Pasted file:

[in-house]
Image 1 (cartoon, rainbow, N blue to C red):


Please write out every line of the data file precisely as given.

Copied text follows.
[in-house]
Image 1 (cartoon, rainbow, N blue to C red):